The theorizing and postulating and guessing and spoiling is going to be gangbusters after this episode – it’ll happen in blog comments and forums and everywhere Steins:Gate is sold. I’m not going to ignore it by any means, but the main point I want to get across here is this – that was an absolutely fantastic and emotionally powerful episode.
I liked Suzuha right from the first moment we met her, but she steadily grew on me all through her time in the series until by the end (for me) she was one of my favorite characters. It was hard saying goodbye, and the scenes leading up to her departure were some of the best in any series I’ve seen this year, never mind just this one. It’s only fitting that it was Mayushi who put it all together – like I said last week what she lacks in book smarts she makes up in perception. Ironic that the badge that proved the first big clue, even though Daru thought he was only doing it as a kind deception. It was the name of the time machine that gave it away, which was a pretty clever bit of deduction by our Maysuhi.
The fact that this seemed like a strong possibility didn’t take away from the emotional power of the reveal. It’s a testament to how much we’ve come to care about these characters that the hug between Daru and his daughter-to-be was such an emotional crescendo. But from that heart-warming moment, the series took a dark turn. Rather than coming to meet the lab members in 2010 as a 54 year-old, she sent a heartbreaking letter – posthumously, through her old friend Mr. Braun. And not only had she died, she’d died a suicide – condemning herself for failing in her mission to change the past. This physical time travel is tricky, as it turns out – it’s a one-way ticket, for starters, and when Suzuha awoke in 1975 she lost all her memories for the next 24 years.
What happens after that is the subject of much uncertainty. Okarin apparently sends a D-mail to warn Suzuha to go straight to the past after the time travel forum rather than let Okarin delay her, thus getting her to the machine before it’s damaged by rain. This clearly has an impact, as Mayushi is no longer killed at the lab and Suzuha – while still deceased – died of an illness rather than suicide. But just what changed, and by how much? The fact that Suzuha was still dead implies she – like Mayushi – was “fated” to die in that time stream, and things didn’t change enough to from an “A” to a “B” line. Indeed, the divergence meter has increased, but is still less than 1. Apparently, she didn’t leave a letter for Okarin either. Does that mean she never regained her memories at all? If so, how did things change enough so that Mayushi survived? And most ominously, Makise was conspicuously absent when Okarin raced back to the lab.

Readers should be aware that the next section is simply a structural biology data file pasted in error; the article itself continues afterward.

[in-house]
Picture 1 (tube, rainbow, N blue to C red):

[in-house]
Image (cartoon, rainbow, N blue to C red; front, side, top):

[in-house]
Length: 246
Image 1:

My theory on that is this – I think somehow, by sending that D-mail, Okarin reverted things back to the original Alpha timeline – the one where Makise died in episode one, but Mayushi isn’t fated to die. And Suzuha, in that line, is destined to die in 2001. But honestly, that’s just a guess, and there are better guessers than me out there.
What’s more interesting to discuss, for me, is just how great this show is at developing these characters. Their reactions to the news of Suzuha’s death were heartbreaking – and a reminder that all of them are still basically kids, no matter how smart they are. Okarin looked like an 18 year-old for the first time in the series to me. And what must it be like for him to be the only one who carries all these memories with him – the only one who will even recall the time they spent with Suzuha and, potentially, Makise? That’s the sort of thing that could eventually drive a good man mad – not many could cope with that kind of loneliness.